‘Guy hits a home run and everybody walks off the field’ — The joy and pain of the walk-off homer

You love baseball. Tim Kurkjian loves baseball. So while we await its return, every day we’ll provide you with a story or two tied to this date in baseball history.

ON THIS DATE IN 2012, Jim Thome hit a record 13th walk-off home run.

Six players have 12 career walk-off home runs, the only active one being Albert Pujols. So, in honor of No. 13 for Thome, we will celebrate the always exciting, walk-off home run.

I had never heard that term until 1988 when the Dodgers’ Kirk Gibson ended Game 1 of the World Series with his famous blast off Dennis Eckersley. After the game, Eck used that phrase. I asked about it

“Guy hits a homer … and everyone walks off the field,” Eck said.

The full “On this date …” archive

Bill Mazeroski hit the greatest walk-off home run in baseball history — Game 7 against the Yankees in the 1960 World Series; Mazeroski hit one walk-off homer in the regular season in his career. Bobby Thomson, Joe Carter, Carlton Fisk, Kirby Puckett, David Freese, Derek Jeter, Ozzie Smith, Eddie Mathews, David Ortiz, Aaron Boone and many, many others hit walk-off home runs that will live forever. The All-Star Game has featured three walk-off homers: Ted Williams (1941), Stan Musial (1955) and Johnny Callison (1964).

Williams hit three walk-off homers in his career in the regular season. So did Jeff Bagwell, Manny Ramirez and Lou Gehrig. And yet, infielder Charlie Culberson, who has 23 homers in his career, has four walk-offs, including one that clinched an NL West title for the Dodgers in 2016 in Vin Scully’s final regular-season home game as a broadcaster. In 1935, Red Sox pitcher Wes Ferrell hit two walk-off home runs, they came in consecutive games, the first as a pinch-hitter, the second gave him a complete-game victory.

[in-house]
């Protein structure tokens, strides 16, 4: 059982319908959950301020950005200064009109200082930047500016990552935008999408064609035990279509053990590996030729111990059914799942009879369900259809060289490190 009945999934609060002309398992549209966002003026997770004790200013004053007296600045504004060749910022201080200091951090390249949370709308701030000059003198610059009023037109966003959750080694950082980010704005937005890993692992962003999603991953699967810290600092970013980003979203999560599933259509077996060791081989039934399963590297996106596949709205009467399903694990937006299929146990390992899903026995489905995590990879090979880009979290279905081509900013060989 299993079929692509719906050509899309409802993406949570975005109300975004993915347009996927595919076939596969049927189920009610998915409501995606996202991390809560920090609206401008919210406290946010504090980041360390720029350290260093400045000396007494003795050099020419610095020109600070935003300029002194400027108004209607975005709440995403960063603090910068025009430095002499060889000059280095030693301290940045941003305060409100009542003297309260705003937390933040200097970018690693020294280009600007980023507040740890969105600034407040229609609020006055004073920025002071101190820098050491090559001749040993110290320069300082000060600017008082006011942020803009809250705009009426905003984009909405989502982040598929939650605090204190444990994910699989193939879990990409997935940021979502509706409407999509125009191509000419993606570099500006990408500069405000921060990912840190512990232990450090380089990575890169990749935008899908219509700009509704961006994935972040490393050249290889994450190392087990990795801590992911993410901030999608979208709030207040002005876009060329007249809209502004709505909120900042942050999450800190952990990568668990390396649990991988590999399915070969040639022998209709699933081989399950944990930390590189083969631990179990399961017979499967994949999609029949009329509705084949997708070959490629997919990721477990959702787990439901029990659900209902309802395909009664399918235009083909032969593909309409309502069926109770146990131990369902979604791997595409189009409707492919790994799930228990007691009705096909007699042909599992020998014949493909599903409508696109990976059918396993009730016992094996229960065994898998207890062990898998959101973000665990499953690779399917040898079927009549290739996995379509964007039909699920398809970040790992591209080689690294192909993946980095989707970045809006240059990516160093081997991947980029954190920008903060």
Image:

Last year, the Dodgers became the first team ever to get a walk-off home run in three consecutive games, all by rookies: Matt Beaty, Alex Verdugo and Will Smith. In 2008, Ryan Zimmerman hit a home run in the first game at Nationals Park to become the third player to christen a ballpark with a walk-off, joining Bill Bruton at County Stadium in 1953, and Dante Bichette at Coors Field in 1995.

The Indians’ Tyler Naquin, in 2016, is the last player to hit a walk-off, inside-the-park homer. Before that, it was the Giants’ Angel Pagan in 2013. Players over the years have gotten very creative in their celebration of a walk-off, although Gatorade showers are now standard. The best (although not for the opponent) was when the Brewers’ Prince Fielder hit a walk-off, his teammates lined up around home plate like bowling pins, then Fielder, pretending to be a bowling ball, knocked them all down for a strike.

Norm Cash never had such a moment: His 377 career homers are the most ever without a walk-off. The Red Sox’s J.D. Martinez has 231 homers, including four in one game, but no walk-off homers. That is most homers among active players without one. Mark Teixeira hit a walk-off in the 2009 postseason, but he got to 408 homers during his regular-season campaigns without a walk-off. In the final week of his career, he hit No. 409, a walk-off grand slam to beat the Red Sox. But since the Red Sox had clinched the AL East title earlier in the evening, they celebrated with champagne even though they’d just lost on a walk-off slam.

Teixeira played three more games to finish his career. His last homer was his first regular-season walk-off.

“I should have retired right then,” he said.

Other baseball notes for June 23

  • In 1971, Rick Wise pitched a no-hitter and hit two home runs against the Reds. The final out was made by Pete Rose.

  • In 1984, Ryne Sandberg went 5-for-6, and hit home runs off Cardinals star closer Bruce Sutter in the ninth and 10th innings. It was the first time Sutter had ever allowed two homers to the same hitter in one game.

  • In 2003, Barry Bonds became the first member of the 500-500 club: 500 homers, 500 steals. There is still no one else in the 400-400 club.

  • In 1960, pitcher Jim Deshaies was born. He is from Massena, New York, hometown of Hal Smith, the actor who played Otis Campbell, the town drunk on “The Andy Griffith Show.” In 1991 at the Astrodome, Deshaies was made an honorary citizen of Mayberry, Texas, by the local chapter of the Andy Griffith Show Fan Club. A Barney Fife look-alike was on hand, among other dignitaries. “I even got one of Aunt Bee’s cookbooks,” Deshaies said. “It was a special night.”